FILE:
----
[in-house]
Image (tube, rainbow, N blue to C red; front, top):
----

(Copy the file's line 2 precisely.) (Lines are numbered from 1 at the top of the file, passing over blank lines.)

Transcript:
Image (tube, rainbow, N blue to C red; front, top):